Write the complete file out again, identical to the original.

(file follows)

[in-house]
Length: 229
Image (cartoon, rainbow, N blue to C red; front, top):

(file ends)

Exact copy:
[in-house]
Length: 229
Image (cartoon, rainbow, N blue to C red; front, top):